Verold CEO Ross McKegney on Creating Engaging Interactive Experiences


Ross kicks things off by explaining that Verold makes it easy to create highly engaging interactive experiences using 3D, video and audio that will integrate seamlessly into the open web. Basically they are taking game engine technology and making it accessible to the web developer. Starting with the assertion that building web content is a different pipeline than you’d find for game development, Ross explains that typical web developers don’t have CG artists and a lot of sophisticated 3D capabilities. To help them, Verold is taking the 3D pipeline and is packaging it in a way that a web developer can use. They have their own engine technology that is built on an open source stack (primarily 3.JS). WebGL is really the technology that powers all of this Mr. McKegney explains as it gives the web developer access to the graphics card through JS (the rendering library) and Verold (the engine and the tool kit) that makes it truly accessible to anyone creating content on the web.

Moving forward, Ross asserts that web developers are amazingly creative – they have a great tool kit already and Verold is bringing that kit to a new level. With Verold it is also important that developers can build once to work on a desktop browser and then have that experience run really well on a mobile browser as well. Steve jumps in and asks about the business model and where the costs come in. Ross explains that the Verold workflow is online. They have an online editor that is completely open and free. You can go in and try it out, build a simple presentation or say upload your work if you’re an artist and show it off. What they do charge you for is to publish commercial content. Costs there start at $30 per month for 20K views and scale up from there. So, McKegney asserts, if you are a small organization and just want to put your products online it is very accessible.

Next, the men talk about some of the possibilities that can be powered by Verold and Ross provides a couple of examples of current and soon to be Verold users. Being a promising tool for the educational world, Mr. McKegney talks about their recent announcement that Verold is partnering with Pearson Education to create interactive educational content, and has joined Amazon, along with Alexx Henry Studios in “pushing the boundaries” to create the first Kindle-based interactive experience (launched in July 2014). One could, say, “talk about an object onscreen and have it viewable online simultaneously as an interactive 3D rendering.” For a live show, the object could be scanned in real-time into the web browser, and the user at home could view the object, spin it, and virtually interact with it as it is being handled similarly on the live program. The key is to deliver new kinds of storytelling and engagement driven by 3D.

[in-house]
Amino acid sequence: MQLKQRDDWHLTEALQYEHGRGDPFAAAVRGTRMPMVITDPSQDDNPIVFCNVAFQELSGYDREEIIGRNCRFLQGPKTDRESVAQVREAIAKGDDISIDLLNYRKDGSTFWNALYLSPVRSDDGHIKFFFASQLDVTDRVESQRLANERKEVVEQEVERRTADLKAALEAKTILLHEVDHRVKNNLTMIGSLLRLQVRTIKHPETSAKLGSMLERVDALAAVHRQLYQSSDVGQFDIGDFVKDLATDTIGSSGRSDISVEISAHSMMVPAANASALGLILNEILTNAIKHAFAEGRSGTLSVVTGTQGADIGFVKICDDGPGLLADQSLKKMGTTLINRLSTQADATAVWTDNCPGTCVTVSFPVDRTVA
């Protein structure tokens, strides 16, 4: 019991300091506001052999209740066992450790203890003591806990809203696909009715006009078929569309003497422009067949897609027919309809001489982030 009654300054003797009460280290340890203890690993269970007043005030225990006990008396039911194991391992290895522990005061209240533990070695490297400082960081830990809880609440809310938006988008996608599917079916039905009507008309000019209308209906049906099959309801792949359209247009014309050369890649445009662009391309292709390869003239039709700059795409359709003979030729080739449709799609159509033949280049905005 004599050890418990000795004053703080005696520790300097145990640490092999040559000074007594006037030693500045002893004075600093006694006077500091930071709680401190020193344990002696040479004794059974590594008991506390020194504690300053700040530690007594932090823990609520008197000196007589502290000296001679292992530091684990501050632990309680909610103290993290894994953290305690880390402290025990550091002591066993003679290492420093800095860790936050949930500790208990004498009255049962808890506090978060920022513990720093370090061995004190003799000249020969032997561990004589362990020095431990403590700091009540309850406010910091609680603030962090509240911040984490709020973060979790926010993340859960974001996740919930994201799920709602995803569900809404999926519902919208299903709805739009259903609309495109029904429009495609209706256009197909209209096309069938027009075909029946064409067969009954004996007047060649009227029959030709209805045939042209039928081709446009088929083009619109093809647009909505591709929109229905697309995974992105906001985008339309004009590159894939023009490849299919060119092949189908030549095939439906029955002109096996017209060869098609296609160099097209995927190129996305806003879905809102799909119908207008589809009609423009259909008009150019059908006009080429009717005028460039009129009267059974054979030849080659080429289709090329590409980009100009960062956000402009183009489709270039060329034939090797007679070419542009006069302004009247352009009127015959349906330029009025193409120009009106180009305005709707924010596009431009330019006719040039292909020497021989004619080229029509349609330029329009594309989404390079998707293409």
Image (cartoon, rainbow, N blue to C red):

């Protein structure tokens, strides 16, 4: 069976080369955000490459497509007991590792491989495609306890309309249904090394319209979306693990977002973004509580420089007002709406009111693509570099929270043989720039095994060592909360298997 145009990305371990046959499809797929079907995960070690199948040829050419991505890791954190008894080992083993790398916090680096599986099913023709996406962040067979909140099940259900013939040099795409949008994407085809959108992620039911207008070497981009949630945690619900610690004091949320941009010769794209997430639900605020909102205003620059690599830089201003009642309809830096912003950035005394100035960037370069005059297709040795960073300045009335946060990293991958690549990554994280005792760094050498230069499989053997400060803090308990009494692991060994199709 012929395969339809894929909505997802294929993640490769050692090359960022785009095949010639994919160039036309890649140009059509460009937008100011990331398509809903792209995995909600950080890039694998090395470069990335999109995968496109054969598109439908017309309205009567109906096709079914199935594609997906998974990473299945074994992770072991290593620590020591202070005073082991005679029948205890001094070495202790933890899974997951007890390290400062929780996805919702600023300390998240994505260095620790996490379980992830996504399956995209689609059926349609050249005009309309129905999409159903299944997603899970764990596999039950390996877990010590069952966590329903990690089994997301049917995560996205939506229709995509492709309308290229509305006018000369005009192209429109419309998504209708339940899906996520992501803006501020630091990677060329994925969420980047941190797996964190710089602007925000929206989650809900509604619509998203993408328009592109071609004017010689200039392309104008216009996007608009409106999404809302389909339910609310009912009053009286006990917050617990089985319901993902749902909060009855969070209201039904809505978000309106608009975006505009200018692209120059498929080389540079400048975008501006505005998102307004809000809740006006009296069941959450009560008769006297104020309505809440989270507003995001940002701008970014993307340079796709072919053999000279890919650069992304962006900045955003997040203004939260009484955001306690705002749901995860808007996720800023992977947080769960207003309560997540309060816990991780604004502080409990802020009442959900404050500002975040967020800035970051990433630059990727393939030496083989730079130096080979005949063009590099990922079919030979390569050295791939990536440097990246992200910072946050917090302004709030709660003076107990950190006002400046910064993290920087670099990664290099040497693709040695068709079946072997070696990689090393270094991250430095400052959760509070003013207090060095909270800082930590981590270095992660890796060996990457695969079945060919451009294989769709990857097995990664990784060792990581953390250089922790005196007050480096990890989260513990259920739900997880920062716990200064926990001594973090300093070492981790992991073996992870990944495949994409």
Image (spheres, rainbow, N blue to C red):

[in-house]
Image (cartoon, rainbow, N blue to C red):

Mr. Waskul wonders if the technology is capable of creating not just an object, but a whole world in which users could move through. Ross asserts that that is also possible. “Pretty much anything you would want to do as a web developer with a gaming engine, like Unity for example, you could do with Verold”. The main difference is that Verold “is not going to have all the gaming features that Unity would have,” but, Verold has “the web development features that the traditional game engines don’t have.” To understand and broaden that picture, Ross points out that the web developer can, with Verold, create a 3D world, but, it’s not just a 3D world. It’s part of a larger web application. With Verold, you could have a 3D world online that the user can move through while allowing them to click on objects that interact with the web – say opening up a Wikipedia page as a sub-nav for example. You can use social and all the benefits of the web. In Ross’ words, “You get all the benefits of the web and the benefits of a 3D engine, deliverable to any device”.

Steve then wonders how the hosting works and how difficult or easy it is to implement. “You can build and publish with us,” meaning Verold will host the content on their servers, “or you can export the content to your own servers, and host it yourself” at no cost difference Ross explains. “The beauty of what we’re doing is, it’s JavaScript. We’re not saying throw away everything you have and re-create it in Verold; we’re saying, take what you have and make it better using Verold.” A web developer will “go into Verold, create their scene and then add a line of JavaScript code to the webpage that says ‘load my 3D into this area of the page,’ and you’re done.” It’s “as easy as adding a YouTube video to your page.” In an answer posed by Mr. Waskul, Ross confirms that the outcome is seamless, so that developers can truly integrate Verold into their designs in an elegant way. “We really want to see 3D on the web and whatever it takes, we’ll do it to make that happen.”

Waskul.TV is looking forward to the future and to what it will bring as applications continue to evolve and unleash the creativity of those who are working to breathe life into new experiences delivered to global audiences across a multitude of devices.